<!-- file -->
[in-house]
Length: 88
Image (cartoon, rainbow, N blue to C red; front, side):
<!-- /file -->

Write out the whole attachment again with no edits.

[in-house]
Length: 88
Image (cartoon, rainbow, N blue to C red; front, side):